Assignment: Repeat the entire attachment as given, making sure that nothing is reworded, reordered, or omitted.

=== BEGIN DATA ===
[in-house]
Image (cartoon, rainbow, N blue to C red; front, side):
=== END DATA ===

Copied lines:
[in-house]
Image (cartoon, rainbow, N blue to C red; front, side):